I certainly don't expect him to carry all of the Northeast, but I could see New York, New Jersey, Maine, Illinois, New Hampshire, and Delaware being in play. States that the GOP usually writes off in a Presidential election.

Even though Rudy isn't as socially conservative as most Republicans in the South, he would still be chosen over a liberal Democrat.

Rudy would be a great brand image for the Republicans. People outside of the South would feel more comfortable about the Republican Party.

And he's conservative on the issues we can win on!

"Back in the thirties we were told we must collectivize the nation because the people were so poor. Now we are told we must collectivize the nation because the people are so rich. "

William F. Buckley, Jr.

Dream ticket? Perhaps... but let's not forget that Giuliani had an ugly divorce which is bound to get play.

that dog won't hunt. The Republican's have used it the last three elections: two were nail biters and they lost the last one. If McCain or Guiliani run, the social conservatives WILL stay home, or vote third party, or only vote on the ballot referendums.

I like Haley Barbour, but he's a former tobacco lobbyist.

The MSM and the Democrats would have a field day with that. I know that's not fair, but politics ain't beanbag.

I think a dream ticket would be Giuliani/Pawlentry.

Pawlentry is the re-elected governor of Minnesota. He's an excellent conservative leader.

If the GOP can capture Minnesota and Wisconsin, the White House is a lock.

"Back in the thirties we were told we must collectivize the nation because the people were so poor. Now we are told we must collectivize the nation because the people are so rich. "

William F. Buckley, Jr.

My dream ticket would be Sanford / Pawlenty

You’re a persistent cuss, pilgrim.
John Wayne to Jimmy Stewart in The Man Who Shot Liberty Valance

It's really simple: they realized they were lied to. that's it, there is no more to it. Sure it makes for grand time speculating and wasting our times giving our opinions anonymously on the web. But I tell you this is the REAL reason the independents voted against Republicans.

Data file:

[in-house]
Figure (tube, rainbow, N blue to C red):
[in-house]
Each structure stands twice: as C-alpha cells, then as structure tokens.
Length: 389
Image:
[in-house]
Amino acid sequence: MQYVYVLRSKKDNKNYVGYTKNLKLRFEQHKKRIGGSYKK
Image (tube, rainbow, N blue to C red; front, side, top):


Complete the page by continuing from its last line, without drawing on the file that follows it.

I know because I am related to a bunch of people who voted for President Bush in 04 who have told me this very fact.

The Iraq war, that's right.

Unfortunately, you are about 6 years and 1 presidential election too late for that to be timely.
"I am a great believer in luck. The harder I work, the more I have of it." -- Thomas Jefferson

Dude. Six freaking years. Wanna rehash a couple battles of the late 19th Century, too?

Do it elsewhere.

Even those who learn from history are surrounded by those doomed to repeat it.

I'd have sworn that referred to President Hayes...
If you're seeing shades of gray, it's because you're not looking close enough to see the black and white dots.

I think the biggest reason Republicans lost the center-right and center is because Republicans just don't seem very competent. Independents who frequently vote Republican often do so because they expect Republicans to be more effecient and better leaders than Democrats. I think spending and poor management of Iraq were the big things that hurt us.

"The South is much larger than the Northeast as far as a base goes"

I've heard this sort of thought before, but what's the truth to it?

By my count, DC to Maine (swept by Kerry) amounts to 117 electoral votes and 20 senators.

The old confederacy (swept by Bush) is 153 electoral votes and 22 senators.

There are five D senators from the South: Nelson, Landrieu, Pryor, Lincoln, and Webb.

Likewise, there are five R senators from the Northeast: Specter, Sununu, Gregg, Collins, and Snowe.

If the R's gave up all of their northeastern senators in exchange for a truly solid South, they'd still be a minority party. And a 36-vote advantage is hardly a "much bigger" base in the electoral college -- certainly not enough to count on a Presidential victory. Finally, the slaughter in the northeast/midwest cost the R's the House this year, too.